Hardening the main artery for
mountain resorts of Colorado
by Allen Best
Limited tolling is being talked about as a way to improve the flow of east-bound traffic on from the mountains to Denver on Colorado’s Interstate 70 on Sunday afternoons and other times of high-volume traffic.
The concept, called managed lanes, has been implemented in Minneapolis, Indianapolis and other metropolitan areas. The Colorado Department of Transportation thinks managed lanes can also be used in Colorado for:
• I-25 north from Denver,
• U.S. 36 between Denver and Boulder, and
• C-470 in the south metro area.
The new – and temporary – lane on I-70 would stretch from Empire Junction, where traffic on Highway 40 merges with the I-70 traffic but without added lane capacity. It would continue to Floyd Hill, where the existing two lanes expand to three lanes on into Denver. The total distance is 12 miles.
Part of this bottleneck will be eliminated this year by creating a third bore at the Twin Tunnels, just east of Idaho Springs, for east-bound traffic. C-DOT found $100 million in its budget to widen the tunnel, accommodating three lanes. That is expected to be done by December, maybe earlier.
Prices for use of the I-70 express lane would be set with the goal of encouraging use of traffic flowing at about 45 mph. Variable tolling, the concept in question, is knotty. If the fee is too low, it just becomes another congested lane. Too high and nobody will use it. But there is some certainty from week to week and month to month. The same concept is already used on the high-occupancy vehicle lanes in Denver.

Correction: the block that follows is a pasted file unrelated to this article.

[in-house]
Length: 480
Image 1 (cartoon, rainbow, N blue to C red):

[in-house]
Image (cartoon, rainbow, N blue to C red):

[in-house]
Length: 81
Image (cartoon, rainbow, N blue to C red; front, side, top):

A different system, called dynamic tolling, adjusts rates in accordance with real-time conditions, such as hour to hour. In Minneapolis, tolls have ranged from 25 cents to $8 during one epic snowstorm.
Tolls would be assessed by transponders or by photos of license plates, similar to the way traffic is charged on Colorado’s existing toll road, E-470. There will be no pitching of quarters into roadside baskets, said Bemelen.
While no pen has been put to paper yet, says Bemelen, C-DOT roughly estimates infrastructure costs of the express lanes at $30 million. Work would take 18 to 20 months to completion. Thanks to the existence of fiber optics, extensive installation of monitoring cameras would be a relatively minor component.
The idea has been shared with elected officials in Idaho Springs and Clear Creek County, who were flown to Minneapolis to see operations there. “They all had concerns, but all were duly impressed by what they saw in Minneapolis,” observes Bemelen.
Tim Mauck, chairman of the Clear Creek County commissioners, was among those who went to Minneapolis. “It’s an interesting concept,” he says. “It deserves further research, modeling and discussion in regards to its effectiveness in the I-70 mountain corridor.”
One concern was whether emergency responders could reach traffic accidents, as they commonly now use the shoulders when traffic is congested. But, if 45 mph speeds are guaranteed in the express lane, that works for them.
Mauck doubts that managed lanes can be a long-term solution. “My fear is that 10 years down the road we will have three lanes of congested traffic sitting in Clear Creek County, and the quality of life, not only of other Coloradans who travel that corridor, but also our residents, will be adversely affected.”
While C-DOT representatives originally said they hoped to see the I-70 upgrade under construction in 2014, Mauck believes 2015 should be the earliest. He will oppose rushing, as he believes Clear Creek County is being adversely effected by the hurry to create a third east-bound lane at the Twin Tunnels. The express lane, if it is to happen, must be “fully thought through.”